Use of saline and non-potable water in the turfgrass industry: Constraints and developments

K. B. Marcum

    Research output: Contribution to journalArticlepeer-review

    99 Citations (Scopus)

    Abstract

    The need for salt-tolerant turfgrasses is ever-increasing. Rapid urban population growth has put enormous pressures on limited freshwater supplies. Many state and local governments have reacted by placing restrictions on the use of potable water for irrigating turfgrass landscapes, instead requiring use of reclaimed, or other secondary saline water sources. In coastal areas, overpumping, and resultant salt water intrusion of coastal wells used for irrigating turfgrass facilities has widely occurred. The nature and extent of the salinity problem, followed by basic salinity issues and available management choices, will be discussed. Issues facing the turf manager using saline water sources are soil salinization, resulting in direct salt injury to turf, and secondary problems of loss of soil structure ensuing from sodium and bicarbonate effects, resulting in loss of salt leaching potential and soil anaerobiosis. Management choices for the turf manager using saline water are limited. Soil salinity must be maintained below the level deemed detrimental to the turf, by maintaining sufficient leaching. Sodium/bicarbonate affected soils must be managed to maintain sufficient permeability to permit adequate leaching. Finally, salt tolerant turf species/cultivars must be used. Long-term solutions to the salinity problem will require development of improved salt-tolerant turfgrasses. Progress in cultivar development, and future development of potential alternative halophytic turfgrass species will also be discussed.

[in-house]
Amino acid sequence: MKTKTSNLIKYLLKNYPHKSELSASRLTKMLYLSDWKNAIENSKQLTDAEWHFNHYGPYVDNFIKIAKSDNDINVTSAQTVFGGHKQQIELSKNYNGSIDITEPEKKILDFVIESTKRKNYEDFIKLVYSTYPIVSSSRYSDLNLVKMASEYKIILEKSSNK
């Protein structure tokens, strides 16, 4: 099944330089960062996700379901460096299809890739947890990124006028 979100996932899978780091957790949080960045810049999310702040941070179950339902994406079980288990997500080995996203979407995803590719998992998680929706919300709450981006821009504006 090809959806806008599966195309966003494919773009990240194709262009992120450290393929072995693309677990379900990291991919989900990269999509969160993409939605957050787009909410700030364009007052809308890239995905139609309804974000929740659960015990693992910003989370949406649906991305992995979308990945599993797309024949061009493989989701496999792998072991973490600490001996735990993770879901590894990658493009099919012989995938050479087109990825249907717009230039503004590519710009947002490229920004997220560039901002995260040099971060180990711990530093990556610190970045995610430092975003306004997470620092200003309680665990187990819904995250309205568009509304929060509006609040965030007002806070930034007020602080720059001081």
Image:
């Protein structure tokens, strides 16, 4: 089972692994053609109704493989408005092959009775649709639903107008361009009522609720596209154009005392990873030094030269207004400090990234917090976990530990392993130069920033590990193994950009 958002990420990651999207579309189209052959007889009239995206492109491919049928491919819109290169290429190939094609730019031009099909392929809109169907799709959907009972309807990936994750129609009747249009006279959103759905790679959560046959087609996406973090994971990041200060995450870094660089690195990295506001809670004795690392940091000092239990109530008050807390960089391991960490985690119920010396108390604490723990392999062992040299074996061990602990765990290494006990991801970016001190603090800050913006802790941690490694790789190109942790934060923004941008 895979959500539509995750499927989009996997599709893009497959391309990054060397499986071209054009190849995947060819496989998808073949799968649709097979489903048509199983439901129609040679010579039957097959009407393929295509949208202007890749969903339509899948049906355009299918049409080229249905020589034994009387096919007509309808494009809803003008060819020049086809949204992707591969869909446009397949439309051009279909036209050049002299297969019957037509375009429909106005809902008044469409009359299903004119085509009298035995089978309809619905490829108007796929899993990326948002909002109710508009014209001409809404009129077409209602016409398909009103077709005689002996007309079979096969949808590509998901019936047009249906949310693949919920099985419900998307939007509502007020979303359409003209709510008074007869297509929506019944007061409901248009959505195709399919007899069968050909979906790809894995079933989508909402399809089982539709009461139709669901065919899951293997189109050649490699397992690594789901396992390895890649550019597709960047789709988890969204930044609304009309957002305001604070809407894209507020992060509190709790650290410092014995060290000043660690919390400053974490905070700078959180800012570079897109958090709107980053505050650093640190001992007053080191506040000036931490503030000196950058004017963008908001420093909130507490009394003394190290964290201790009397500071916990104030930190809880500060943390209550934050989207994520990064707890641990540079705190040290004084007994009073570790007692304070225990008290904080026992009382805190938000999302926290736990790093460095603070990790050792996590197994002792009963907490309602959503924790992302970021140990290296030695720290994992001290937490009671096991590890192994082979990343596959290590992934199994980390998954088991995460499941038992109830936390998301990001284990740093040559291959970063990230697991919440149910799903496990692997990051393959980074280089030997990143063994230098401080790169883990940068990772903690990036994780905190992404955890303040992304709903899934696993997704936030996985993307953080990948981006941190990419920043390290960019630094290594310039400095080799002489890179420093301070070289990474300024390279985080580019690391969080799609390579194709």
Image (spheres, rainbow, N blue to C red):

Original languageEnglish
    Pages (from-to)132-146
    Number of pages15
    JournalAgricultural Water Management
    Volume80
    Issue number1-3 SPEC. ISS.
    DOIs
    Publication statusPublished - Feb 24 2006

    Keywords

    • Breeding
    • Halophytes
    • Salinity tolerance
    • Water quality

    ASJC Scopus subject areas

    • Agronomy and Crop Science
    • Water Science and Technology
    • Soil Science
    • Earth-Surface Processes

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